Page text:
No, dear suffering child of God, you cannot fail if only you dare to believe, to stand fast and refuse to be overcome.—Tract.

James Hastings

My servant Caleb, because he … hath followed me fully, him will I bring into the land whereinto he went.—Num. 14:24.

CALEB is one of the finest characters in the Bible. He is a stalwart, honest character, a man who obeyed God without question, who never feared to do his duty, and never turned his back on an enemy. His father, Jephunneh, is described as “the Kenezite.” The Kenezites were outside the pale of the chosen people. Thus Caleb was not of Israelitish birth or descent. He was of an alien people. He was one of the first-fruits of the Gentile harvest of which Jethro, Rahab, Ruth, Naaman, and many others were samples and signs. Yet this man, a stranger to Israel by birth, became one of Israel’s most illustrious ornaments. In spirit and service he was “an Israelite indeed.” The son of the Kenezite was a true son of God.


And Caleb stilled the people before Moses, and said, Let us go up at once, and possess it; for we are well able to overcome it.—Num. 13:30.

1. The year that followed the Exodus was a wonderful one for the children of Israel. It was spent at the foot of Mount Sinai, where measures were taken to organize them into a theocratic commonwealth. It was here that they received the Decalogue. It was here that Moses, as God’s viceroy, gathered about him the princes and the forty elders, the former of whom constituted the Upper and the latter the Lower House of Parliament. And it was here that an army of able-bodied men was mustered and mobilized under Joshua as commander-in-chief. Thus, in twelve months, the people who had escaped from Egypt a mere rabble of slaves were transformed into a well-organized and formidable nation.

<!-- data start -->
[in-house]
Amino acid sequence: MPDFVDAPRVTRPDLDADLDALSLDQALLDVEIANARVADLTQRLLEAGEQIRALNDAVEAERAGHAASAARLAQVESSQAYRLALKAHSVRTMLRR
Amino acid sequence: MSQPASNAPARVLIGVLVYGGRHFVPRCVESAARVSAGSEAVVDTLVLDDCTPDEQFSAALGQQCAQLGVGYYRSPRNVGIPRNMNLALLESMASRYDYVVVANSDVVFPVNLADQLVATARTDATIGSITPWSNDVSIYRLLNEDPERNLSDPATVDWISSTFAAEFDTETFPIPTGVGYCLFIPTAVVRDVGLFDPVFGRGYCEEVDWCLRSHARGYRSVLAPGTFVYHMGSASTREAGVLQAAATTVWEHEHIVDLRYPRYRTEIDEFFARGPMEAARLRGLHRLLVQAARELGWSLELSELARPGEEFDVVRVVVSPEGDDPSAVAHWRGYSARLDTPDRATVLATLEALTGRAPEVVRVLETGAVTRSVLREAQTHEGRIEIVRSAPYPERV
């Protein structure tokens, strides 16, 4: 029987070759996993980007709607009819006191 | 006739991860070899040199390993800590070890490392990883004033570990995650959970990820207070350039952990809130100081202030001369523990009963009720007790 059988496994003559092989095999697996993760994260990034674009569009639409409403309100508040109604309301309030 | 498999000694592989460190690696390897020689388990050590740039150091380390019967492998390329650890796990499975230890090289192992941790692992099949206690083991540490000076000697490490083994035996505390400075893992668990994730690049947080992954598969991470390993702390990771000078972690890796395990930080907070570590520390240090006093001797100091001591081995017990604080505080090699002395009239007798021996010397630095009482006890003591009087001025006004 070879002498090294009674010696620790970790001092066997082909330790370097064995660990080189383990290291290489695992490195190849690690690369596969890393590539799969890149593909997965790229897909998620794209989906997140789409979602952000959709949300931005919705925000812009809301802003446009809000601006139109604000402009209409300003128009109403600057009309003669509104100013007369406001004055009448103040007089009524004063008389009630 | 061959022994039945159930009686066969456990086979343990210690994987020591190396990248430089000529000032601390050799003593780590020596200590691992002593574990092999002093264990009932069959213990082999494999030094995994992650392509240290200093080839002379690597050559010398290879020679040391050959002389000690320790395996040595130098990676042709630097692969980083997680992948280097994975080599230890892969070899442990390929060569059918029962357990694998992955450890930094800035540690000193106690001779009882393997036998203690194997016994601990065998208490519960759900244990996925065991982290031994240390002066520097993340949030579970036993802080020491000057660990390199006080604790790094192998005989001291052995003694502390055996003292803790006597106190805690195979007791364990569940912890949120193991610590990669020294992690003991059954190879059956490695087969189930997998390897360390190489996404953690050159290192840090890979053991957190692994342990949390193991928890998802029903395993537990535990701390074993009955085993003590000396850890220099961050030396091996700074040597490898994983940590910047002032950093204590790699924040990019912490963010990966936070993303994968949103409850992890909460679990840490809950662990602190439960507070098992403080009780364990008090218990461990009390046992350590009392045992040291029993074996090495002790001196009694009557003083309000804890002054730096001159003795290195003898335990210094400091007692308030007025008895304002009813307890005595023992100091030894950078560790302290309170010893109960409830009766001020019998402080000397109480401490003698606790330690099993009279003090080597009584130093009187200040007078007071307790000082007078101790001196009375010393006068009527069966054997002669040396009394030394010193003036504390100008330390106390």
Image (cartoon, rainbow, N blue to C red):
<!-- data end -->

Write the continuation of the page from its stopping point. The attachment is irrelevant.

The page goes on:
And now at length they stood facing the land towards which all hearts were yearning. The time was ripe. Everything hinged upon a concerted movement to take possession. But the people must deliberately choose. Moses could lead them only with their will. Accordingly, a committee was representatively appointed, one member from each tribe, through whose eyes the people might see the land and upon the basis of whose report they might act.

2. The men did their work thoroughly, traversing the valleys and climbing the hills, viewing the oliveyards and vineyards, and skirting the slopes of Hebron where the Anakim dwelt. After forty days’ search they returned, bringing with them a branch with one cluster of grapes, and also a specimen of the pomegranates and the figs. On the whole, their report was very gloomy. They had, of course, some good things to say about the productiveness of the land, but they gave a very alarming account of the people: “The people be strong that dwell in the land.” “All the people that we saw in it are men of a great stature;.… we were in our own sight as grasshoppers, and so we were in their sight.”